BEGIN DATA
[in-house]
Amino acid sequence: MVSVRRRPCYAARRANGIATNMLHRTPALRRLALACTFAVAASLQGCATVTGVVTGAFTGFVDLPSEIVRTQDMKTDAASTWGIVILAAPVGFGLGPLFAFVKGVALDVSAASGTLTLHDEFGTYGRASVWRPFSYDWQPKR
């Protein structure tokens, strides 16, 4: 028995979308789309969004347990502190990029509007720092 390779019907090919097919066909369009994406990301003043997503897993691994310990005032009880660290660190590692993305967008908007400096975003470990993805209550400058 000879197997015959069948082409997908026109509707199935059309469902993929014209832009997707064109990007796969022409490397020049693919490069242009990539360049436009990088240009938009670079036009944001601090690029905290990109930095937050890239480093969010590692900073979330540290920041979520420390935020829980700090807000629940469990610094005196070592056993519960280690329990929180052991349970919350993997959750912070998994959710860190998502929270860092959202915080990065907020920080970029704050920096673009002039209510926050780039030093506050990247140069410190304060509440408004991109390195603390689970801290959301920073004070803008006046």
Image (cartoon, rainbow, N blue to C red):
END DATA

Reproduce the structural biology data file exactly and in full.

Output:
[in-house]
Amino acid sequence: MVSVRRRPCYAARRANGIATNMLHRTPALRRLALACTFAVAASLQGCATVTGVVTGAFTGFVDLPSEIVRTQDMKTDAASTWGIVILAAPVGFGLGPLFAFVKGVALDVSAASGTLTLHDEFGTYGRASVWRPFSYDWQPKR
């Protein structure tokens, strides 16, 4: 028995979308789309969004347990502190990029509007720092 390779019907090919097919066909369009994406990301003043997503897993691994310990005032009880660290660190590692993305967008908007400096975003470990993805209550400058 000879197997015959069948082409997908026109509707199935059309469902993929014209832009997707064109990007796969022409490397020049693919490069242009990539360049436009990088240009938009670079036009944001601090690029905290990109930095937050890239480093969010590692900073979330540290920041979520420390935020829980700090807000629940469990610094005196070592056993519960280690329990929180052991349970919350993997959750912070998994959710860190998502929270860092959202915080990065907020920080970029704050920096673009002039209510926050780039030093506050990247140069410190304060509440408004991109390195603390689970801290959301920073004070803008006046």
Image (cartoon, rainbow, N blue to C red):